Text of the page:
Mosby’s Tonic

The September 14 1938 edition of the Toronto Daily Star contained an ad for a tonic that supposedly contained 15 herbs.


A Google search for Gilbert H. Mosby turned up an interesting story: Mosby, who was from Cincinnati, earned a fortune during Prohibition selling a tonic named Konjola. This tonic was likely popular because of its high alcohol content.

Mosby also created tonics named Vola, Indo-Vin, and Van-Tage, but his company chose to use none of those names in Canada. He had previously declared personal bankruptcy in 1934 after an expensive divorce, so Mosby’s Tonic might have been something of a fresh start for him.

Naturally, I looked up the testimonial names in the 1938 Toronto city directory:

  • Mr. F. Snary of 72 Lappin Avenue turned out to be a real person; his given name was Francis, and he worked as a driver. (He was still at 72 Lappin in 1947.)
  • Sadie Golden of 347 Indian Grove was the husband of Henry, a sales manager. I have no idea whether she actually was a lifelong resident of the city and had hundreds of friends.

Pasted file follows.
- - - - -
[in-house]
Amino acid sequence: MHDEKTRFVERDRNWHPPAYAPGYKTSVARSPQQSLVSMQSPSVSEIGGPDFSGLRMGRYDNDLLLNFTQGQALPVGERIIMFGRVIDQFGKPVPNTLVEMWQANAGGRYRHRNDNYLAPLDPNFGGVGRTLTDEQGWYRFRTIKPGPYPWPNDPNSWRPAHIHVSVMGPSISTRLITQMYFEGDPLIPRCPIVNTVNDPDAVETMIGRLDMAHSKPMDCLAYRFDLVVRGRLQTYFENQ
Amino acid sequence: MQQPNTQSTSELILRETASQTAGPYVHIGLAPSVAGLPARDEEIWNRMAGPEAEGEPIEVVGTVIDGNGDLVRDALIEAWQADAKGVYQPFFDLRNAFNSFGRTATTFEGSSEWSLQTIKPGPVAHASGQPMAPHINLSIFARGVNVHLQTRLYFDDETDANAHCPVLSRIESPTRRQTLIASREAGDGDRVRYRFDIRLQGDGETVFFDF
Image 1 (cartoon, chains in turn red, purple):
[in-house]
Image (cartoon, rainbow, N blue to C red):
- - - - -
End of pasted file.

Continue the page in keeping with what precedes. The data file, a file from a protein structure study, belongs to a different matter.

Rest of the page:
• The Alps Restaurant was listed at 2872 Dundas Street West, and its owners were Tony Manzuris (mentioned in the ad) and Peter Makris. Mr. Manzuris lived down the street at 2387 Dundas West. (Mr. Makris lived there also.) In the 1941 directory, Mr. Makris was listed as the sole owner, having moved to 1660 Bathurst, and Mr. Manzuris was not listed in the directory at all; perhaps he had passed away from taking too much Mosby’s Tonic or not enough of it. Or maybe he just moved out of town. He didn’t go off to war and come back, though, as he was not in the 1947 city directory. (By then, Mr. Makris was an insurance agent.)

Mosby passed away in 1944 after falling and hitting his head; he was 57.

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